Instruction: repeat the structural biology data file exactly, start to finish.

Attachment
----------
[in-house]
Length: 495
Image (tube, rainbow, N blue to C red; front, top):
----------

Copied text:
[in-house]
Length: 495
Image (tube, rainbow, N blue to C red; front, top):